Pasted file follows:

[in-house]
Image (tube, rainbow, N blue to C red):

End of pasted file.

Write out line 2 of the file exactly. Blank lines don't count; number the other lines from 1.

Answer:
Image (tube, rainbow, N blue to C red):